If you don’t want to be identified as a sympathiser of a particular political party, do what the people of Asansol do. They attend meetings called by every political party and say it is the surest way to keep away from being aligned to any one of them ahead of polls marred by violence. Also Read - AAP Sweeps Delhi MCD Bypolls, Arvind Kejriwal Says People Now Want Good Work In Municipality Too
Residents are wary of discussing their political preference openly in Asansol, a metropolitan city and important coal-trading centre in West Bengal. They say the atmosphere is not conducive for such a discussion. Also Read - Karnataka Sex Tape Scandal: As Ramesh Jarkiholi Resigns, Here's a List of Past Political Controversies
Asansol has seen sporadic violence this election season, not new to West Bengal where panchayat polls in May last year too were bloodied. Also Read - Tamil Nadu Assembly Election 2021: AIADMK, DMK Continue Seat-sharing Talks, Fate of Sasikala to be Decided
In the run-up to the Lok Sabha election on April 29, the worst incident in Asansol happened in March when violence erupted during Ram Navami processions. Stones were pelted, bombs were hurled, vehicles and houses were set ablaze.
“I go and sit in the front (during a political meeting) and ensure the local guy sees me. Then I leave. That’s how it is,” said a resident, a Left supporter who is unsure if he will vote in this situation.
“There is violence almost everyday and harassment by party workers, specially from the ruling party (Trinamool Congress),” he said, requesting anonymity, fearing he would be identified by the party leaders.
Aged around 30, he works in the city’s fire department. He said his father is a retired government employee.
The last meeting he and his father attended was at his doorstep on April 20. They followed the protocol he described above sat in the front and returned before the meeting concluded.
“We had to show our faces. Otherwise they would have noticed that no one from the family attended the meeting,” he told PTI, quietly stepping out of his home.
He said he did the same during a meeting held by the BJP a few days ago.
Several others supported his statements. Many said they too follow the protocol and withdraw from political meetings at the opportune moment.
“The city is tense; there is no doubt about it. Every night there are raids, our workers are being picked up by police, their homes are being damaged. It is creating havoc. TMC is using the state machinery to do this,” alleged sitting MP Babul Supriyo of the BJP.
Supriyo had defeated his nearest rival, Dola Sen, a trade Union leader, by over 70,000 votes in 2014. This time, he is contesting against actor Moon Moon Sen, fielded by TMC.
Both Supriyo and Gourango Chatterjee, the CPI(M) candidate, make sure they speak about the presence of central forces during their campaign meetings and assure people it is safe to come out and vote.
TMC leader and state Law Minister Malay Ghatak rubbished the allegations against the state government, saying the people of Asansol know who are creating the “tense” situation in the city.
“Asansol is calm, the chief minister is trying her best to ensure free and fair polls. People know that. The issue is that since no party, except the TMC, has any political existence here, so the Congress, the Left and the BJP have come together and making these allegations in desperation,” he told PTI.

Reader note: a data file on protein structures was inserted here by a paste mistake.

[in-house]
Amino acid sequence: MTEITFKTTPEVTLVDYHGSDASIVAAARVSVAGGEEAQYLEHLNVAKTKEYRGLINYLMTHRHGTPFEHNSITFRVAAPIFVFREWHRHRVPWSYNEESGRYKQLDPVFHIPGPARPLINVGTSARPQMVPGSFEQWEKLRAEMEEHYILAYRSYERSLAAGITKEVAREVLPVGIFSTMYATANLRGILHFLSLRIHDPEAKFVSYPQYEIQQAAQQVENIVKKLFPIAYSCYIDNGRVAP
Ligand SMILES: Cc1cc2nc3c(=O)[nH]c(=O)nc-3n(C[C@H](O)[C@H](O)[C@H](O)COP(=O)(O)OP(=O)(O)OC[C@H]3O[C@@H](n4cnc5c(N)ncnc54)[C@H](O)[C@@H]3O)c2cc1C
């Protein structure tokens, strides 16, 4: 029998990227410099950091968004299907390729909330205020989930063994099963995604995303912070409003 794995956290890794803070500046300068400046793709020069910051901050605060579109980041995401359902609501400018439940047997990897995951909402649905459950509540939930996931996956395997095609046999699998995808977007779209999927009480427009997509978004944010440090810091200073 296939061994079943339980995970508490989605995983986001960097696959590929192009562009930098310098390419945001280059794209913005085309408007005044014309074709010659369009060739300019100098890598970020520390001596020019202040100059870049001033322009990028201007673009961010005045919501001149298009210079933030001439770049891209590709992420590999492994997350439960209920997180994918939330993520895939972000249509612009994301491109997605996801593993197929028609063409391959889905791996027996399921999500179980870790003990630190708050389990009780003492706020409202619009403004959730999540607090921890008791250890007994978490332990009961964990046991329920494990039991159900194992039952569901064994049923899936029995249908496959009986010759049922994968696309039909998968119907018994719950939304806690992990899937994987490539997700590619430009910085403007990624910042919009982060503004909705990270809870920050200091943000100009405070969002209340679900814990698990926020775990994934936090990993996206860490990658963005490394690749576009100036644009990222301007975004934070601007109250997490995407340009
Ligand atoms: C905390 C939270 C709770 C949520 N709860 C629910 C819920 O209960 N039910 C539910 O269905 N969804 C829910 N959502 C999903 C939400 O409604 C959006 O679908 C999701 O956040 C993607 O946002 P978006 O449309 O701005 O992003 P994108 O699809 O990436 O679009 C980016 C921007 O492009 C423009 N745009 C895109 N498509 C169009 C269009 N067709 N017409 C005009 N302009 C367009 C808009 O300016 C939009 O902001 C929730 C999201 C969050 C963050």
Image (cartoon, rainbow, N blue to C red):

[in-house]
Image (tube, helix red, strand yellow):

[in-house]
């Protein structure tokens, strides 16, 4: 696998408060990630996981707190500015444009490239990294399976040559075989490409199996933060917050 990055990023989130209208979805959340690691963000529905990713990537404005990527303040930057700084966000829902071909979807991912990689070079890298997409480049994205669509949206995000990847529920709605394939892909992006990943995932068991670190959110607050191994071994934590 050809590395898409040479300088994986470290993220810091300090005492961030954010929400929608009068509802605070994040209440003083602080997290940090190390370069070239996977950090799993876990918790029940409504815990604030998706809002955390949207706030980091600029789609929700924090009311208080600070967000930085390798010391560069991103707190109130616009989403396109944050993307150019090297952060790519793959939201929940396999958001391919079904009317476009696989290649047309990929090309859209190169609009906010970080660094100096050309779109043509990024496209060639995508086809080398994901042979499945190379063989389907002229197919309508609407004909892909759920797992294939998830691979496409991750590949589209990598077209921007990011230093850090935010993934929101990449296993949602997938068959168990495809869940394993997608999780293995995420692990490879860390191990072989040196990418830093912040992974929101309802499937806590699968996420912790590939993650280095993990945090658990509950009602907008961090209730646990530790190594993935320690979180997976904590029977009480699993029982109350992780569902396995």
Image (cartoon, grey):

However, Ghatak had no answer when he was asked about the unprecedented presence of central forces in the state and if that was an indication of the failure of the TMC government to ensure security during polls.
Not far from BJP candidate Supriyo’s home in Mohishila in the heart of the city, a group of men were whispering among themselves at a tea-stall. When they were asked questions on politics, they signalled towards a covered area, away from the roadside.
“Politics here can no longer be discussed in public. Who knows who is listening,” said Swapan Roy, 70, a BJP party worker.
Gone are the times when one could have animated debates over cups of tea at tea stalls. I have been in politics for long, but never have I ever had so many cases registered against me. I am an old man and I have been charged with an arms case. Ironically, I don’t even know how to hold a gun.
These TMC workers are goons and they are doing everything that they can to intimidate voters. Even the CPI(M) candidate, a simple man, was beaten up badly recently and was left bleeding on the street,” he said.
On April 9, in a complaint filed with Chief Election Commissioner Sunil Arora, CPI(M) state secretary Surjya Kanta Mishra said Chatterjee was attacked by Trinamool Congress “hoodlums” in Madanpur village.
Barely 23km from Kolkata, Asansol is one of the two seats the BJP had won in 2014. It has perhaps seen the most number of violent incidents between the workers of the saffron party and the ruling TMC.
A lawyer, who refused to divulge his political preference or his name, said no party is innocent.
“Here, TMC is in power, so they have more clout, more people and the BJP is on the backfoot. However, I am sure where the BJP is in power, they would also exercise it (muscle power). The problem is people suffer. Most people here, especially in rural areas, would not come out and vote in absence of central forces,” he said.
“You have to just read the local papers to know how much violence is happening daily in rural areas. Is this the democracy we fought for?”